Blue Nile Case Study

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Blue Nile Inc. Strategy


Blue Nile Inc. Strategy


In 2009, the U.S. jewelry and watch market was 42% of the worldwide market, which was estimated to be as much as $140 billion. Industry revenues had grown 5.5% annually for the 20 years prior to the recession in 2008. Despite the recession and intense competition in this highly fragmented market, Blue Nile Inc. (NILE) capitalized on the industry growth rates and grew to become the world’s largest online retailer of certified diamonds and fine jewelry. In order to remain a leader in the industry, Blue Nile’s management must remain conscious of industry pressures resulting from the continued poor economic conditions in the U.S.; the encroachment of brick-and-mortar competitors into the online space; consumer reluctance to shop online for jewelry; international opportunities; and other weaknesses in the firm’s strategies. The ensuing analyses detail Blue Nile’s current strategic approaches, the competitive forces confronting Blue Nile, SWOT and financial analyses, and recommendations to strengthen the company’s position and future strategic and financial performance. Blue Nile’s Strategy

Blue Nile’s strategy was developed around the Best Cost Provider strategy, a hybrid strategy that uniquely combines elements of differentiation and low-cost strategies. The two core elements of Blue Nile’s strategy were to 1) offer high-quality diamonds and jewelry at attractive prices and 2) provide its customers with educational information, in-depth product information, grading reports, and trusted guidance throughout the purchasing process. In addition to these two core components, Blue Nile employed other strategies focused on marketing, customer service and support, order fulfillment, and product line expansion. The first component of Blue Nile’s strategy aimed at building a lower-cost competitive advantage. Competitive Prices, Lean Costs, and Supply Chain Efficiency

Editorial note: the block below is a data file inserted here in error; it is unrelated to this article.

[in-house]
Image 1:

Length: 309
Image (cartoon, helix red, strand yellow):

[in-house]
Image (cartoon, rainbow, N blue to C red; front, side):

Efficient supply chain management and operations helped Blue Nile achieve a net profit margin of 4.2% in 2009 where some competitors, like Zale, registered a net loss. Because Blue Nile sold jewelry online exclusively, it was able to eliminate costs that burdened its brick-and-mortar competitors and pass the savings onto its customers. Additionally, Blue Nile was able to realize significant cost savings through its economical supply chain by sidestepping the markups of conventional layers of diamond wholesalers and brokers. This allowed Blue Nile to obtain comparable-quality diamonds and fine jewelry pieces at substantially lower costs than reputable brick-and-mortar jewelers. Blue Nile kept inventories down and reduced risks of markdowns by only purchasing diamonds and gems from suppliers when a customer placed an order. At the end of 2009, Blue Nile’s inventory of $19.4 million hardly compared to Zale inventory of $740.3. Another cost saving factor of Blue Nile’s supply chain was the variety of suppliers with which the company did business. The top three suppliers only accounted for 24% of the company’s purchases in 2009, which emphasized that Blue Nile wasn’t limited to or dependent on any particular supplier. Arrangements were also favorable to suppliers because Blue Nile was able to provide them with real-time information about what items were selling, high sales volumes, and faster inventory turns. Evidence of Blue Nile’s supply chain savings can be seen in the comparison of its average markup on finished jewelry. On average in 2009, Blue Nile sold its product at 28% over cost, while its competitors like Zale and Tiffany sold their products at 88% and 130% markups respectively. Effective and efficient supply chain management was a driving force for lower costs at Blue Nile; however, lean operating costs also contributed to Blue Nile’s low-cost competitive advantage. In early 2010, Blue Nile had only 183 fulltime staff members, 5 part-time employees, and 1...
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